Wednesday, October 15, 2008


As one of the people reading Epileptic, my duty this week was Discussion Director. The questions that engage discussion are those that are interpretative or analytical. The reader is supposed to look at the author's work and attempt to fathom its inherent meaning. This is all very well and good. However, upon reading the author interviews, I find that the potential for engaging discussion has been greatly impeded. Every question that surfaces in my (quite inquisitive) mind can be answered directly from David B. himself.

Do the author interviews render the position of Discussion Director as futile?

On a side note, I found it interesting that Persepolis, Blankets, and Epileptic were all published by the same company, L'Association.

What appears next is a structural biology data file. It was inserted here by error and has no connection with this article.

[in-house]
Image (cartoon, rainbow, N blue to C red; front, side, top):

Michael Hancock said...

I absolutely agree that an author's comments on his or her work provide a unique and potentially valuable perspective, coming from the horse's mouth, as it were, but they ought not be the last word on the subject. My purpose in giving you the interviews was to open up lines of inquiry, not to close them. I'd encourage you to look at what your author says as more of a starting point than a end. Consider where you might disagree with the author about his or her work, or generate new questions about the reading based on the author's remarks. You don't necessarily have to take the creator's viewpoint as the definitive one, and it certainly can't be comprehensive; much of the work still has to speak for itself. The book still needs a reader!

Andrew Nelson said...

David B. gave a very detailed interview with a lot of commentary on his art/writing style, so that might be expected. Satrapi and Thompson didn't (Thompson's interview is a lot more personal), so discussion directors should have a much easier job with them.

Personally, I find that the word investigator has the hardest job--especially for Thompson and Satrapi, whose novels are very easy to pick up.